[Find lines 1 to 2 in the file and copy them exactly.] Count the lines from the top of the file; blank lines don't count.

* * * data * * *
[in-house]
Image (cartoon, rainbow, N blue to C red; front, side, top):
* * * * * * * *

[in-house]
Image (cartoon, rainbow, N blue to C red; front, side, top):